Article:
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Whole Foods sparks outrage over Asian restaurant called 'Yellow Fever'

Owner says she chose the name because it was 'shocking'

Chelsea Ritschel,Alex Matthews-King
Saturday 28 April 2018 21:37 BST
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Restaurant owner Kelly Kim, originally from South Korea, said the company had received no criticism until teaming up with Whole Foods
Restaurant owner Kelly Kim, originally from South Korea, said the company had received no criticism until teaming up with Whole Foods (Yellow Fever/ Whole Foods 365)

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A newly-opened California restaurant selling Asian-inspired cuisine within a branch of Whole Foods has caused controversy for its name, Yellow Fever, which locals said was “racist” and had offensive sexual connotations.

The small Korean-owned chain has been operating in Los Angeles for several years and has two other outlets, but the owners say it only attracted criticism after opening a branch at organic and health food store.

Critics on social media said “yellow fever” was slang for the fetishisation of Asian women, and objected to the international grocery chain profiting from making light of that.

The opening was announced in a tweet that read: “All ready for lunch? #YellowFeverEats has you covered with fresh, customised bowls at our brand-new #longbeach365 location - open now!”

Shortly after the tweet, people began to criticise Whole Foods and the restaurant, calling the name racially insensitive.

“Who thought this name was okay?” asked one person on Twitter.

Another said: “I can’t believe that’s real. How the hell did that make it out of a first pitch meeting? Gross”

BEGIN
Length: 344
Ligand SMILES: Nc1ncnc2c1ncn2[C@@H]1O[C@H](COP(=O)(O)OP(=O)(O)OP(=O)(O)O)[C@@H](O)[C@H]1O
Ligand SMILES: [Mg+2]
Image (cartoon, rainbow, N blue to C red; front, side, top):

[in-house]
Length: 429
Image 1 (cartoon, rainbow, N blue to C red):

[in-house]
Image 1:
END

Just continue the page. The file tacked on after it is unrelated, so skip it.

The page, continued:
Others were quick to explain why the name “Yellow Fever” is problematic.

One woman tweeted: “No one at the company even bothered Googling yellow fever?” attached a photo which showed the term “yellow fever” is considered the same as an Asian fetish - where it is defined as: “an interest, obsession, or preference for Asian people, culture, or things of Asian descent by those of non-Asian descent".

The term “yellow” is also considered offensive, as it has been used as a slur to refer to those of Asian descent.

And “yellow fever” originally referred to the name of a deadly disease spread by mosquitoes and commonly found in subtropical areas of Africa, South America, Central America, and the Caribbean.

The virus attacks the liver and kidneys resulting in jaundice, a yellowing of the skin and eyes which gives the disease its name.

Though it can be easily prevented with vaccines, a recent wave of anti-vaccination sentiment has fuelled one of the worst outbreaks in decades in Brazil, with more than 200 deaths already this season.

The restaurant is not owned by Whole Foods, and is instead part of an independent chain of restaurants co-founded by Kelly Kim.

Kim, who is from South Korea, has previously explained her reasoning behind the restaurant’s name.

In an interview with Next Shark, Kim said: “When we finally came up with the concept, all the names we thought of just plain sucked. Buzzwords like ‘traditional’, ‘bamboo’, ‘lotus’, and ‘golden’ weren’t memorable.

“One night, we just said ‘Yellow Fever!’ and it worked. It’s tongue-in-cheek, kind of shocking, and it’s not exclusive — you can fit all Asian cultures under one roof with a name like this. We just decided to go for it,” she said.

And according to Kim, who spoke to CBS News, she did not face a backlash until she partnered with Whole Foods, having been in business for four years.

Bryn Inks, a Long Beach, California resident speaking to CBS Los Angeles outside the new store, said: “I was shocked, I find it offensive. It’s basically suggesting a sexual connotation towards Asians.”

“Aside from the obvious fetish thing, it's also still a fatal illness,” said one person on Twitter.

The Independent contacted Whole Foods for comment.

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